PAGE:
How can we increase colon cancer screening rates?

This is what we know--colorectal cancer screening works. Despite this, screening rates remain problematic. According to the Centers for Disease Control and Prevention, about one in three adults ages 50 to 75, haven't been tested for colorectal cancer as recommended by the United States Preventive Services Task Force.

Worldwide diagnostic imaging market to hit $27 billion by 2018

The global diagnostic imaging market is poised for significant growth over the next four years, a new report shows.

4 roles for radiologists in an ACO world

The fact that healthcare policy makers are shifting payment methods for medical services from a fee-for-service model to one based on care accountability could leave radiologists in an untenable position going forward, according to a viewpoint article published recently in the Journal of the American Medical Association.

Federal breast density legislation introduced in Senate

Legislation mandating a minimum federal standard for notifying women if they have dense breast tissue has been introduced in the U.S. Senate.

Financial incentives have little impact on cancer screening rates

A program to increase cancer screening rates in Canada by providing financial incentives to primary care physicians has had little effect on those screening rates, according to a study published in the July/August issue of the Annals of Family Medicine.

Proposed HOPPS rule calls for colonoscopy complication reporting

The Centers for Medicare & Medicaid Services (CMS) has proposed adding a claims-based quality reporting measure for colonoscopy to the Hospital Outpatient Quality Reporting (QPR) program.

Boston hospital assesses emergency radiology operations in bombing aftermath

An article published recently in the journal Radiology details how the emergency radiology staff at one of those facilities--Brigham and Women's Hospital--responded to the mass casualties that flooded into the hospital in the aftermath of the bombing, and describes the changes it made to some operations and procedures as a result of that experience.

A pediatric imaging call to action

In a recent commentary published in the Journal of Patient Safety, Stephen Swensen, a radiologist at Mayo Clinic, and colleagues make an "Appeal for Safe and Appropriate Imaging of Children."

3 ways for rad practices to survive reimbursement cuts

How can radiology practices survive in midst of declining reimbursement figures?

Mayo Clinic algorithm reduces CT use for appendicitis

Researchers at the Mayo Clinic have developed an algorithm that can help diagnose appendicitis in children and reduce the need for computed tomography.

Proposed HOPPS rule would increase breast biopsy reimbursements

The proposed rule for changes to the hospital outpatient prospective payment system (HOPPS) for 2015, recently released by the Centers for Medicare & Medicaid Services, would significantly increase breast biopsy payments.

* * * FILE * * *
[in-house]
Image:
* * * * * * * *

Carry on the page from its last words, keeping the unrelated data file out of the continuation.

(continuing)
Minor head trauma doesn't warrant pediatric CT scan use

A new study has found that children who experience head trauma and only lose consciousness without suffering from any other symptoms don't need routine CT scans of the head.

USPSTF finalizes recommendation against ultrasound screening to prevent stroke

The United States Preventive Services Task Force has finalized its draft recommendation against ultrasound carotid artery stenosis screening as a way of preventing stroke.

Proposed physician fee schedule rule a mixed bag for radiology

The Centers for Medicare and Medicaid Services (CMS) has released the 2015 Medicare Physician Fee Schedule proposed rule and like the healthcare community as a whole, as reported by FierceHealthcare, it provides somewhat of a mixed bag for radiology.

Patient data breaches and the question of trust in radiology

Clearly radiology practices and imaging facilities still face security and privacy challenges.

4 ways radiology practices can use data for growth

Attempting to make good, informed decisions on these kinds of issues is next to impossible without good data, according to Atlanta-based radiologist Richard Woodcock.

Proton therapy better than IMRT for cancer treatments

Proton beam therapy has a significant advantage over intensity modulated radiation therapy when it comes to improving disease free survival and tumor control in patients with head and neck cancers, according to a study by Mayo Clinic radiation oncologists.

Do Medicare patients benefit from skyrocketing mammo costs?

The costs to Medicare to cover mammography screening skyrocketed in the first decade of the 21st Century, according to a study published online July 1 in the Journal of the National Cancer Institute.

New noninvasive imaging technique can improve treatment for lung cancer patients

The use of a new imaging technique--quantitative computed tomography texture analysis (QTA)--could help provide lung cancer patients with improved treatments and better track their progress, according to a study in the journal PLOS ONE.

Misread chest X-ray at the heart of $16.7 million malpractice award

The misread X-ray of a woman who ultimately died from lung cancer has resulted in a multimillion dollar malpractice award.